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October 03, 2004

Tomorrow's Dynamite

I’ll surrender at the beginning, the very beginning, and confess that maybe Sky Captain and the World of Tomorrow and Napoleon Dynamite don’t have as much in common as I’m about to try convince you that they do. But, by the oath of Thor, I’ll be damned if, seeing them one after the other, it didn’t appear just so!

Let’s take, for example, the story of Sky Captain. It’s simplistic. It’s corny, clichéd, and taken straight from a pulp magazine or second rate Sci-Fi yarn (albeit on purpose). And, taken by itself, it’s absolutely, inexcusably, unexciting. There’s a dead a villain, which results in an the enemy that’s about as evil and cunning as a tornado or Mount St. Helens The main character, Sky Captain himself, is without a past, without a motive (other than being heroic like a, err… hero) and tends to spend more time underwater than in the sky. His love interest, a reporter with beautiful blonde locks and an unhealthy relationship with constantly checking the number of shots left in her much too much overexposed camera, is just that; a love interest. What a crock. And the damn scenery kept changing, too!

So, now you probably think I’m going to start defending Napoleon Dynamite as a beacon of filmdom, the little guy’s response to the overbearing, suffocating impact of Hollywood and its Studios and rules on the art of filmmaking. I’m not. First of all, because Sky Captain was the product of a little guy, too. But, most importantly, because the story of Napoleon Dynamite is about as good as the story of Sky Captain. High school underdogs triumph in love and politics. The Mexican immigrant becomes school president. The nerd finds true love and friendship. Another nerd finds true love. You get the point. What we have in both films is a case of style attempting to elevate substance.

(Yes, this I where I’ll start applauding Napoleon Dynamite over Sky Captain. But not because it's better.)

Forget the vast difference in the size of the budget and the amount of resources available to Kerry Conran and Jared Hess. Let’s [unfairly] level the playing field, for a paragraph or two, and look at the problem faced by each director/screenwriter. It’s the same scenario. How do I make a good movie from a bad, unoriginal premise?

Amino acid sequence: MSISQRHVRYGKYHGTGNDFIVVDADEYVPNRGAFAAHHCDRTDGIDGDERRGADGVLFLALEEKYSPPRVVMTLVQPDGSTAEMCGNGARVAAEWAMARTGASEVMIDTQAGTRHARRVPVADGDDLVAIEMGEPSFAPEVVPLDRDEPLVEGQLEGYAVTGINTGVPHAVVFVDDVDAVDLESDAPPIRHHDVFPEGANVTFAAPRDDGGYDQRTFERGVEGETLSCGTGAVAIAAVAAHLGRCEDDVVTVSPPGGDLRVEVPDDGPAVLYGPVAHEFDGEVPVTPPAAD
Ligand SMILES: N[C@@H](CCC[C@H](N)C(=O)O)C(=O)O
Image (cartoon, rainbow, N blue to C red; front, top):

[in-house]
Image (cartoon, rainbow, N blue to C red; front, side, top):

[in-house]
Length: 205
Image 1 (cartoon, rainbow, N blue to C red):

Conran, the wily scientific type, would answer: “We’ll make it look good. We’ll reference the pulp fiction we’re emulating. We’ll reference cinema history. We’ll bring a dead actor to life to play a role. We’ll push technology until it enables us to elevate our film above its possible level.” It may sound like someone’s trying to pull some fabric over out eyes, but it’s important to remember that cinema, as an art, was made possible by technology. Technology always came first.

Hess, the artsy fartsy Bohemian, would answer: “It don’t matter what the story is, baby. It’s all in the details. It ain’t what you tell, but how you tell it. We’ll make out characters groovier. We won’t make the same mistakes the squares did. We gotta be true. No swelling string section here, man.” Yeah, sure, you say. That’s what every movie tries to do. When there’s a problem with the story, fix the story. And it usually doesn’t work.

It’s not surprising then that reaction to both films has been wildly mixed. It’s also not surprising that both films have gotten a fair share of excellent reviews, and have been praised as great films. It’s possible to watch Sky Captain and be awed by the fantastic images. Imagine playing with software like Bryce, and being both skilled at it and able to create jaw dropping landscapes in mere seconds. It’s also possible to watch Napoleon Dynamite and hate it. Nothing happens. The main character is unlikeable and annoying. It’s not even funny.

As for me, I think Napoleon Dynamite is one of the best films I’ve seen this year. The characters, Napoleon included, are endearing. The comedy, subtle but not cerebral, is hilarious. And the unabashedly happy ending is a great. Sky Captain left me bored and tired. The constant cutting between only Long Shots and Close Ups was disorienting. And, in a few honest words, I just didn’t care.

So, now to end this much too long-winded, regrettable opinion piece, I’ll say this: Take a painter, give him half an idea, and he’ll paint you Sky Captain and the World of Tomorrow. Take a writer, give him the same half idea, and he’ll write you Napoleon Dynamite.

Watching the two films just might give you a pretty good idea of which one you are. It did for me.


Blogger Scott said...

Haven't caught either film yet (I'll try to get to them during my holiday), but is there such a thing as a Mormon bohemian?

2:16 pm  
Blogger Quack Corleone said...

There may be a Mormon or two living in Bohemia... Err, grounds for artistic licence? :o)

4:57 pm  

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